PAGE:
2020 was going to be THE year. At least that’s what I told myself as I wrote down my 2020 goals on New Year’s Day, a ritual that I do every year.
I brought in the New Year on a Beach in South Australia, with Jack and a handful of our close pals. The week prior to that, we spent in country Victoria, with my in-laws, along with their extended family and friends, for a wedding celebration.
We spent our days hanging by the pool, feasting on delicious food, boating on the Murray River and sun tanning on the dockside with an esky full of beers. I was certainly finishing 2019 with a bang and my natural tendency to think optimistically, urged me to believe that 2020 would be even better. It would be one for the books, monumental even.
Once we finished visiting in South Australia, we flew into Sydney (where we once lived for 3+ years). This is when 2020 started to feel a bit like a downward spiral, similar to a balloon deflating slowly. NSW was on fire, actually much of Australia was, but Sydney and Newcastle is where we saw the most evidence of this.
Of course, we were so happy to catch up with our friends and spend time in our old stomping grounds, wrapped up in nostalgia. However, due to the forest fires, there were people losing their homes, animals suffering and ecosystems being destroyed. I was enjoying the luxuries of my trip, trying to make the most of it, but catching myself in a mixed bag of emotions. I felt guilty for not being personally affected by it, despair for those who were, and fear of what this means for the state of our planet and prospective future. That was my first inkling that 2020 might look a bit different to how I imagined it on my vision board.
We got back to London in early January. It was time to get back to it, back to our jobs, our flat in Angel and to our community of friends. So I did just that. I went full swing into the routine of my life. My very comfortable routine – working at a job that I’m now pretty good at, with people that I like, keeping it real with the day-to-day cheeky office banter and censored lunchtime chitchat. Then, there’s my post work routine of getting on the tube, to take myself to the gym or yoga, before coming home to Jack, where we take turns preparing meals for each other. And then the next day, we do it all over again. Of course, we throw in some spontaneity here and there during the week, but usually we save that for the weekends.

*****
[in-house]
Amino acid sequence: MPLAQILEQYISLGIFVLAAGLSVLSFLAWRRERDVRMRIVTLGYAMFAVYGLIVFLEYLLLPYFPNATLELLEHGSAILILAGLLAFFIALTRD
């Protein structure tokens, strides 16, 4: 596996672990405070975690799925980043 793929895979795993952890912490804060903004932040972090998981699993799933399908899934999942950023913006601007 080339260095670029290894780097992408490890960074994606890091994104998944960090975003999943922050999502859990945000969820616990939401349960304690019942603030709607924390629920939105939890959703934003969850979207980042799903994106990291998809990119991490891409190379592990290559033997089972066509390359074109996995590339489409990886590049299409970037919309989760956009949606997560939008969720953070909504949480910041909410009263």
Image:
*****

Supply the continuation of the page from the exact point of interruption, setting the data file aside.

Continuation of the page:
Admittedly, it can be tiring, repetitive and dull at times, but mostly, it’s enjoyable, even fun. Not only is it something for us to do, but something to embrace. Being plucked out of my routine has shown me that some systems are there for good reason. Systems that can serve us, in ways that fulfill us, ultimately keeping us from boredom and from the unraveling that comes from an idle mind. Showing up to work and having an occupation, or rather a contribution is important. COVID-19 has taught me just how important that is – to have something to do, somewhere to be, and someone who depends of you.
Seemingly, since being back from Australia, life was rolling back to ‘business as usual.’ I remember in late January, when the news reporters started to change their tune, from the ongoing Brexit discussions, to a virus in China. At first, no one knew how serious it was. My boss made a joke that I might have to cancel my flight to Bali in May. Of course I scuffed it off, like ‘ya right’! Little did I know…
On March 13th, our CEO told the team that we would be working from home for the next couple weeks. We were to bring everything home that we needed and IT would be there to help set us up remotely. This was one week before Boris Johnson announced the mandatory lock-down in the U.K. As the virus started to spread, so did the panic. Then came the hoarding of canned goods, toilet paper and hand sanitizer. People were worried that the groceries store would close or the produce would run out, so they really went for it. I’m talking mass lines at the supermarkets, empty shelves and everyone looking at each other like a disease. People were scared, and understandably so.